by the river, but they were overtaken when their boat hit a sandbar, and were massacred. Only the town
priests were spared.

With the death of Spanish town officials, Malong proclaimed himself “King of Pangasinan.” His
rebels were then in control of the whole provincial territory, from Bolinao in the west to the Ilocano-
populated towns of present-day La Union. Even the Zambals, a mountain people who refused to heed the call
of civilized life, were enticed to join the revolt.

With the people of Pangasinan united under him, Malong thought of spreading and consolidating the
forces of rebellion in all of Luzon under his command. He sent 6,000 men under Melchor de Vera to
Pampanga and another 3,000 men to Ilocos under Pedro Gumapos, retaining only 2,000 men under his
immediate command. Unfortunately, Pampanga was, by this time, already at peace with the Spaniards. The
Pampanga leader Maniago, who had initiated the revolt in the province, was for Spanish rule once again.

The Spaniards responded to Malong’s revolt with a two-pronged attack, both river-borne and by
land. Their troops were augmented by Pampangos, mestizos, Japanese (from Dilao, now Paco), Zambals, and
Pangasinenses from Bolinao. Having sent the bulk of his army away, Malong faced the Spaniards with a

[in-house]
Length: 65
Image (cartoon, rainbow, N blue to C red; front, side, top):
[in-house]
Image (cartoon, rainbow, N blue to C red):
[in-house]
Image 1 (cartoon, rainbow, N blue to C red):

depleted force, which proved no match to them in firepower and military training. The Spaniards overcame
the rebel’s chief town, Binalatongan, which the rebels themselves had already burned to the ground. They
had retaken Lingayen earlier without a fight.

The rebels retreated to the forest, hoping to get back at their enemy in an ambush, but the wary
Spaniards did not fall into the trap. Meanwhile, Melchor de Vera’s army was defeated at Magalang. He was
captured and hanged in Binalatongan. That of Pedro Gumapos met a similar fate in the Ilocos. He was
hanged in Vigan. Soon, scores of rebels deserted King Malong and disbanded, asking the Spaniards for
forgiveness. Some of them offered to help the Spaniards track down Malong. Malong was captured on
February 6, 1661 in a hut between Calasiao and Bacnotan. Hewas with his mother. He was brought to
Lingayen for trial and executed there, by firing squad. (Some accounts say it was in Binalatongan that he was
tried and executed - shot as he was sitting on a rock.) In the aftermath, most of his ardent followers were
hanged- the usual penalty for treason. It is said that Malong died a Christian, implying that despite initiating
a revolt against the Spaniards, he never renounced the Christian faith.

Iloco’s Revolt

Pedro Almazan, King of Ilocos
Leader of ilocos revolt

He was known as the leader of the first Ilocano revolt against the Spaniards. He was the rich leader
of San Nicolas. Along with the leader of Bangui, Juan Magsanop, they planned secretly to free Ilocos from